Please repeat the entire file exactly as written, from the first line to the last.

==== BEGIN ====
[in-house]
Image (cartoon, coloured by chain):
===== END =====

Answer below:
[in-house]
Image (cartoon, coloured by chain):